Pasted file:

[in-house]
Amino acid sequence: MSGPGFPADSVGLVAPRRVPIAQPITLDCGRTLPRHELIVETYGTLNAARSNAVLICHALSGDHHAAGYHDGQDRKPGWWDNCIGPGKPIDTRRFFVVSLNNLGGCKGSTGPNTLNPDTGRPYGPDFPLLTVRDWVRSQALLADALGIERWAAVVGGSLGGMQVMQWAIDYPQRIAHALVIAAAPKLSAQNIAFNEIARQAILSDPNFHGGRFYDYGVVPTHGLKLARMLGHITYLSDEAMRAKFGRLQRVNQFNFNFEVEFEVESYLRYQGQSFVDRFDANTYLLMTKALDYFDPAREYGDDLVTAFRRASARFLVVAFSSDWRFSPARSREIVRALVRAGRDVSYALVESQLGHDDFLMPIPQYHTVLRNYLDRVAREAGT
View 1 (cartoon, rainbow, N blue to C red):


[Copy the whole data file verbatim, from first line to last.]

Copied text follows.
[in-house]
Amino acid sequence: MSGPGFPADSVGLVAPRRVPIAQPITLDCGRTLPRHELIVETYGTLNAARSNAVLICHALSGDHHAAGYHDGQDRKPGWWDNCIGPGKPIDTRRFFVVSLNNLGGCKGSTGPNTLNPDTGRPYGPDFPLLTVRDWVRSQALLADALGIERWAAVVGGSLGGMQVMQWAIDYPQRIAHALVIAAAPKLSAQNIAFNEIARQAILSDPNFHGGRFYDYGVVPTHGLKLARMLGHITYLSDEAMRAKFGRLQRVNQFNFNFEVEFEVESYLRYQGQSFVDRFDANTYLLMTKALDYFDPAREYGDDLVTAFRRASARFLVVAFSSDWRFSPARSREIVRALVRAGRDVSYALVESQLGHDDFLMPIPQYHTVLRNYLDRVAREAGT
View 1 (cartoon, rainbow, N blue to C red):